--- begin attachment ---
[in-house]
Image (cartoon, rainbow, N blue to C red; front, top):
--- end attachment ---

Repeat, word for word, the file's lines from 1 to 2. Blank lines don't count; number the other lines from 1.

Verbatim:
[in-house]
Image (cartoon, rainbow, N blue to C red; front, top):